I’m speaking, specifically, of verse twenty-seven, the first part. “The Lord is God, and he has made his light to shine upon us.” This verse helps me put things in proper perspective!

First, there is the acknowledgement that “The Lord is God.”

“The Lord” was an ancient Jewish way of naming God without risking taking His name in vain. Instead of possibly misusing the name He used, they would substitute the term “The Lord” to reference Him. This attitude of reverence is one we would do well to emulate in our own lives, I think.

Then there is the clear recognition of what God has done. The Psalmist put it this way: “He has made his light to shine upon us…” This is precisely what we celebrated at Christmas with the birth of the Christ child, but now, during Holy Week we remember and thank God for what this child grew up to do. Jesus came to give His life to ransom sinners from hell itself; and then on Easter we will again celebrate the fact that Jesus accomplished what He set out to do! This is the Light that surpasses every other light and gives us hope and brings us joy!

Jesus is the One who “Opened to us the gates of righteousness, that we may enter through them and give thanks to the Lord.” He has made His light to shine on us!

We pray: Thank you, Lord Jesus, for opening the gates of righteousness for us by making Your light to shine upon us! In Your name we pray. Amen.

"No Childhood Game"- Psalm 119:9–16

Most youngsters have, I believe, played a certain game. I used to call it “follow the leader.”  In this game we would choose a leader, and the rest of the children would have to go where the leader went or do what the leader did—sometimes with hilarious results; but not always. Sometimes a youngster would be too small or otherwise incapable of following the leader. When unable to successfully copy the leader, a youngster would have to stand aside or sit out until the next round of the game. The winner would be the last youngster who successfully mimicked the leader; and that youngster would become the leader of the next round of the game. (I never did well at this game.)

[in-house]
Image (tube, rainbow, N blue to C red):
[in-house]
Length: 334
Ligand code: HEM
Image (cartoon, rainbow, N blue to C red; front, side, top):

In a sense, our Psalm portion (Ps. 119: 9-16) reflects the basic impulse of this game. Assuming that Jesus Christ is our leader, we should live our lives like He did. The rules and examples are clear: be like Jesus in all we say and do. Our problem is that we are not and cannot be like Jesus, try as we might. He was and is perfect and sinless. We are not so good or righteous. We fail to copy His ways or remember His commandments. Instead, we wander off, assuming that we know better that God.

This is sin, and sin’s affects on sinners is devastating. Sin separates sinners from God and each other. It causes distrust and hatred, envy and strife. Sin in any and all shapes and forms does only one thing: it points a person to hell.

This is why verse eleven of our reading is so important. Here we read: “I have stored up your word in my heart, that I might not sin against you.  But this is not child’s play. It is deadly serious! The soul that sins shall die! The wages of sin is death!

So, the Psalmist continues in the remainder of our Psalm portion:

Blessed are you, O Lord; teach me your statutes! With my lips I declare all the rules of your mouth. In the way of your testimonies I delight as much as in all riches. I will meditate on your precepts and fix my eyes on your ways. I will delight in your statutes; I will not forget your word. (Ps.119: 12-16)

This is what Jesus Christ did for us! He obeyed God’s Law perfectly, then offered Himself on Calvary’s cross in payment for out transgressions; then, on the third day (Easter) Jesus rose victorious over sin, death, and the devil.

This isn’t exactly like our childhood game, because in God’s plan we are all be winners through Jesus Christ!  

We pray: Heavenly Father, we cannot on our own keep your Law as you demand. We simply follow Jesus and gain the victory! In Jesus’ name we thank and praise you! Amen.